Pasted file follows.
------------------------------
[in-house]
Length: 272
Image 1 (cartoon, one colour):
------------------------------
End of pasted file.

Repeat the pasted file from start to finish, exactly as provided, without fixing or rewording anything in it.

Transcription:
[in-house]
Length: 272
Image 1 (cartoon, one colour):